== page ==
Novo Review

Whereas 50 First Dates could be accused of being an over-simplified piece of fluff, Novo, another amnesiac love story, is guilty of going too far in the opposite direction. It sets itself up as a conundrum, a puzzle for the audience to solve, yet only provides the rules as it goes along. At first we take the film at face value: Graham (Eduardo Noriega) is insular and perhaps unstable; we see his boss taking advantage of him; and we witness things from his perspective in a discordant, almost aggressive fashion, with passages of film speeded up and subject to sonic manipulations. It’s an approach which creates a certain form of narrative detachment – scenes are occasionally rendered as impressions rather than anything concrete. As such we have to get by through director Jean P. Limosin’s various nods and winks; a telling line of dialogue here, a look to the camera there.

All of which is great fun and highly engaging to begin with. We are constantly being asked to pay full attention, and rewarded by a number of intriguing plot turns. We learn of Graham’s condition whereby his memory goes every 10 minutes (shades of Guy Pearce in Memento), that his real name may in fact be Pablo, that he has a wife and son (the former played by Spanglish’s Paz Vega), and that his developing relationship with Irène perhaps isn’t quite what it seems. Much like the scene in Memento where Carrie-Anne Moss earns herself a slap from Pearce, there’s a sense of manipulation to their relationship, further alluded to courtesy of their S&M-tinged sex games.

Yet whilst Limosin never struggles in terms of creating the intrigue, he does lose out when it comes to satisfying them. Having set up a series of questions, he not only fails to provide any of them with satisfactory answers, but also (perhaps to cover up this fact?) heads off into a more and more oblique territory. Thus Novo flirts with the surreal (some business to do with a tooth), the overly symbolic (rebirth and the like), and hints at – though doesn’t explicitly confirm – a non-linear approach. Once again, this does prove initially interesting – after all Limosin has enticed so far, so there’s little reason to give up – but the film soon gets to the point where it no longer proves worthwhile to play along. Indeed, Novo could be accused of abandoning the rules at some point along the way and as such it can never be expected to move towards a worthwhile pay-off.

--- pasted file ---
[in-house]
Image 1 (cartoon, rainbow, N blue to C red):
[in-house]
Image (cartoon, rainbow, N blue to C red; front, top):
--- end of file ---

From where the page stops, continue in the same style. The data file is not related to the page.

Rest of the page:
The Disc

Part of Tartan’s “Ciné Lumière” collection, Novo comes to the UK DVD market as a Region 0 disc. On the whole, they’ve done a decent job, with the film presented anamorphically (in its original aspect ratio) and taken from a clean print. Indeed, there is little damage to notice and, on the technical side, a similar situation. All in all, the kind of presentation we’d expect for the release of a new film (Novo having been made in 2002).

As for the soundtrack, Tartan are Novo in their usual manner. We get the original French DD5.1 mix (with optional subtitles), plus the additional choices of DD2.0 and DTS. As should be expecting, the stereo downgrade is rendered largely pointless especially as Limosin has constructed a film which makes particular use of its soundtrack. That said, the DTS also adds little to the 5.1 option in this respect and as such those without the capabilities to view the film in such a fashion aren’t particularly losing out. In all three cases, the soundtrack comes across as technically fine and demonstrates no discernible problems.

The special features prove as allusive as the film itself. As well as the expected theatrical trailer and promos for other Tartan releases (Arakimentari as well as others in the “Ciné Lumière” range), we find four featurettes which touch on Novo’s themes and influences. Without making to many connections to finished piece, we get insights into Araki, the Japanese photographer who is paid homage to in one particular scene; the most wide-ranging influence of Japanese culture on the film, most notably its sex scenes; the use of bondage; and finally, Limosin’s thoughts on the ending. This latter piece is understandably the most interesting given the oblique manner in which Novo concludes, though we still fail to get any satisfactory answers. That said, we do get the opportunity to view some excised footage which is certainly more concrete than that found in the final cut.

All special features are in either French or Japanese and come with optional English subtitling.

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